Why Glastonbury Festival is my spiritual home – and perhaps yours too

For some, a trip to Worthy Farm is a once-in-a-lifetime rite of passage. For others, the third week in June means stepping back into the Bliss Dimension

It was the renowned poet and scholar Ricky Wilson out of Kaiser Chiefs who once told me that once you’ve found your spiritual home, you should just go and live there. Which is why I’ve been in intense legal wrangles with Pilton Council for decades over my long-stalled request for planning permission to build a luxury three-bedroom family home right next door to the Other Stage wine bar.

You see, for some people Glastonbury is a rite of passage. A once-in-a-lifetime, never to be repeated late-teen lost weekend full of hallucinogens, long drop mishaps and the metaphysical revelations to be gained by watching the sun rise while attempting furious copulation with a sacred stone. The rest of us, though, get drawn in on our first visit and become Glastonburians for life, lost souls destined to wander the wasteland of the world for 51 weekends of the year until ‘home’ materialises for a few precious days, like a slurry Valhalla.

Each Glastonburian has their own routine. You might be of the tribe that turns up as the gates open on Wednesday morning, bags a prime camping spot on Pennard Hill and proceeds to get as stoned as Snoop’s chauffeur for five days straight, until you’re swept out of the festival on Monday evening, painted black and white and arguing that you have to stay because you’re one of the cows.


Perhaps you like to arrive at your luxuriously appointed tipi mid-afternoon on a Thursday, turn off your crypto alerts, shut down your market analysis software, don the hand-woven pashminas of your Glastonbury alter-ego Crystal Craig and throw yourself into the aura-expanding wonders of the Healing Fields until your chakras prolapse.

Or maybe you’re a lieutenant of the righteous Pyramid Stage army, who muster in the craft fields for two days before the music starts, making the largest and sturdiest flags imaginable before marching on the front barrier of the main stage and holding the line for the entire duration in a heroic frontline effort to ensure that only people watching on telly get to see a fucking thing.

Myself? After two frustrating years away from my second home of Worthy Farm, I’m looking forward to the comforting familiarity of riding the psychedelic cider bus to Old Albion on the Thursday night – even more than seeing Kendrick. As much as Macca’s set, I’m excited for traditional midnight pilgrimage to the American 1950s diner club in Shangri-La. And to failing to find the mythical underground piano bar – which I’m pretty sure Michael Eavis imagines every year – as much as any secret set. Particularly if the mysterious Gold Rush Kid on the bill at the John Peel Stage really does turn out to be a secret set by George Ezra, itself a fruitless trudge through watery slush in search of something supposedly worthwhile.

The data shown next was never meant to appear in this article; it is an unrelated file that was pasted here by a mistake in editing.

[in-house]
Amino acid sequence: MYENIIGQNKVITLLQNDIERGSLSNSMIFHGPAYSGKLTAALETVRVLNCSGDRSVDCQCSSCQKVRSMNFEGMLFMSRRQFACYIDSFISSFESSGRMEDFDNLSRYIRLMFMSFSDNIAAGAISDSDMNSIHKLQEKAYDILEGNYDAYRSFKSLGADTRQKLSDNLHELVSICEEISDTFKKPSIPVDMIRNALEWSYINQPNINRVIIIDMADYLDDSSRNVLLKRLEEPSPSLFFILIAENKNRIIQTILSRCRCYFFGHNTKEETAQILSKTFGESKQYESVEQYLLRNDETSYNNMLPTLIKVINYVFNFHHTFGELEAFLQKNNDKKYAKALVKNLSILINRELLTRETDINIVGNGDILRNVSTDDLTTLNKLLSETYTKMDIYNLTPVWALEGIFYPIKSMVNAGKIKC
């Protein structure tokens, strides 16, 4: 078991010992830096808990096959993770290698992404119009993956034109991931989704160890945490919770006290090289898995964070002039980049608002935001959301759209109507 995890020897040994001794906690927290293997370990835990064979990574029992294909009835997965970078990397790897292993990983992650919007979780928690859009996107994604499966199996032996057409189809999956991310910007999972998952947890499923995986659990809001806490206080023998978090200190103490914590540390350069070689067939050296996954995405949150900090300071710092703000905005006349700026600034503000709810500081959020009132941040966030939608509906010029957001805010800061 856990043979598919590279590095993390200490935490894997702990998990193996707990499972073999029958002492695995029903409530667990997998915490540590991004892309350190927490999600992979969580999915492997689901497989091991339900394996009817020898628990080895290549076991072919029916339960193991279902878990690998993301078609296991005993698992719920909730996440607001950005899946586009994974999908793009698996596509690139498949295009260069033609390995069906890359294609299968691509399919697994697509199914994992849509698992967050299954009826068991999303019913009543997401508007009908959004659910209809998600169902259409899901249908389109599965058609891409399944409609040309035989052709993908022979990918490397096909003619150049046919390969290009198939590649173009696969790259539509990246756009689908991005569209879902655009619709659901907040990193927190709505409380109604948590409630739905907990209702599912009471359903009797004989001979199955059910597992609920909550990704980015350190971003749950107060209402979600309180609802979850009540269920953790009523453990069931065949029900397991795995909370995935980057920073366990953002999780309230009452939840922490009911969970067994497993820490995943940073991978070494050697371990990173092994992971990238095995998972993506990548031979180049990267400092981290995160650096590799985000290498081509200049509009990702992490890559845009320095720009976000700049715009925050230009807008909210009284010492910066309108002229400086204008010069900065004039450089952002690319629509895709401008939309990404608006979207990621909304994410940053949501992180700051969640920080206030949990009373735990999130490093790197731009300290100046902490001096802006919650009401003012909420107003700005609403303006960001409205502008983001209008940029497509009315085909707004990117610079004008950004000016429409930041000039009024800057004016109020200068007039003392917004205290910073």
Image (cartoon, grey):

Our regular routines are there purely to allow us to settle back in, of course, to re-acclimatise to life in Glastonbury’s Bliss Dimension. Once the music starts, everything goes out the window and it’s a frantic three-day blur of rushed falafel, ill-timed drugs and Elbow’s ‘One Day Like This’. It’s at times like these that I’m most looking forward to sneaking away from the music for a few hours at a time and enjoying the stuff on the outskirts.

A rotisserie chicken among the lucky few who have correctly followed their mates’ confusing directions to William’s Green. An hour in the cabaret tent, listening to the Glastonbury misadventures of big-name panel show comedians, whose stardom generally hasn’t shielded them from soiling themselves at a blanket stall rave, just like the rest of us. A roam through the Theatre Field, to see what manner of man-sized seabird will attack me this year in the name of wandering interactive drama. Or a jaunt to The Common, where one year you might find an all-night cocktail cinema showing Flashdance back-to-back with Un Chien Andalou, and the next a bar themed around a Latin American Day Of The Dead carnival.

I relish the years with disappointing headliners, as it gives me the chance to slip into Shangri-La before the crowds and really get involved. In 2011, the year that, in a futuristic pandemic hellscape – no shit – a ‘virus’ spread through the area via ‘infected’ volunteers patting you on the shoulder with invisible ink that lit up under ultra-violet light, I was first in to the ‘quarantine’ bars specifically for the infected like a shot seller at a Downing Street lockdown piss-up. Thanks, U2.


Most of all, though, I’m desperate to get back to my beloved Wine Bars, dotted around the site beneath giant inflatable Nebuchadnezzars, playing indie-rock on crappy speakers all night long for the discerning gaggles of alt-rock fans who appreciate the pairing of ‘Last Nite’ with bulk-bought supermarket merlot. Until I’m singing “rock the wine bar” to the strains of ‘Rock The Casbah’ with a plastic bottle of vastly overpriced rioja raised triumphantly above my head, I won’t truly be home.